On the other hand, it is the great duty of those church- officers to whom Christ has committed the keys of the visible kingdom of heaven on earth to proclaim the truths of the gospel, to impress the resulting duties upon the consciences of men, and to set forth the high conditions of Christian communion which God exacts. The Romanists baptize all children indiscriminately. All adults who render an outward adherence to the Church are baptized. The State-Church systems of Protestant Europe recognize every reputable citizen of the State as a legitimate member of the Church. The true doctrine is, that no man, whatever his external relations may be, has a right to come to the holy sacraments unless he is duly qualified; and he cannot be duly qualified unless he is a living member of Christ’s mystical body, a temple of the Holy Ghost. Unless he possesses this character, his approach to the sacraments is in vain and a sin. But of this fact the man himself is always and only the one responsible judge. The officers and members of the church have no right to go behind his not incredible profession, on the presumptive evidence of which the Master requires all others to receive him and to treat him in all things as a Christian brother.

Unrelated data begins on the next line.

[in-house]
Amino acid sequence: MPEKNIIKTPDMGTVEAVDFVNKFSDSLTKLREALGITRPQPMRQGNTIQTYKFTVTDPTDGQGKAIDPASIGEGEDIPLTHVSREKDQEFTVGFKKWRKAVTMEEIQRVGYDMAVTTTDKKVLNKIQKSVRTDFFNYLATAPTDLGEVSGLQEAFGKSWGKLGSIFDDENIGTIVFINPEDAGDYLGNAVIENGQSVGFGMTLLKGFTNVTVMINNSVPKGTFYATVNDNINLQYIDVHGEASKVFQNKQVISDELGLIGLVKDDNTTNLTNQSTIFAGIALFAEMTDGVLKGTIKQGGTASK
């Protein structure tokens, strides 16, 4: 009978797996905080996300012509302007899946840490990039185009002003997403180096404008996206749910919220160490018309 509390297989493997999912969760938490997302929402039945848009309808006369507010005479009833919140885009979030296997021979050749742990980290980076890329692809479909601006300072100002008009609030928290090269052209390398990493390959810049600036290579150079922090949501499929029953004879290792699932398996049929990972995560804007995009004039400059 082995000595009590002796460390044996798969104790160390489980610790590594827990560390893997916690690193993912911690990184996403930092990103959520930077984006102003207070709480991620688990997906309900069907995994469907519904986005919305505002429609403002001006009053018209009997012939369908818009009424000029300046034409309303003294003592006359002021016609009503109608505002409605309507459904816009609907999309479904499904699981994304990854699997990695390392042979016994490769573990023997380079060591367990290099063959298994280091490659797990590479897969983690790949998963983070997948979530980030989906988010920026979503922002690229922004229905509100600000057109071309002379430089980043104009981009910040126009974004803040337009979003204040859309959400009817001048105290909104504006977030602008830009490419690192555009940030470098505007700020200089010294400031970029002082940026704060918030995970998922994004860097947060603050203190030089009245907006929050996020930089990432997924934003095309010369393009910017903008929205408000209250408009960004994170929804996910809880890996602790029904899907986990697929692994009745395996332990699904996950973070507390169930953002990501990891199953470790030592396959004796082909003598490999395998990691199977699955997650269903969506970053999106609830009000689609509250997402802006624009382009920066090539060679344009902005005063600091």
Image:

2nd. The children of all such persons as, on the ground of their own credible profession of faith, are received as members of the visible Church are to be baptized as members of the visible Church, because, presumptively, heirs of the blessings of the covenant of grace. The divinely appointed and guaranteed presumption is, if the parents, then. the children. This is not an invariable law binding God, but it is a prevailingly probable law, basing the authorized and rational recognition and treatment of such children by the Church as heirs of the promises. The reasons for our thinking so must be condensed into the fewest words:—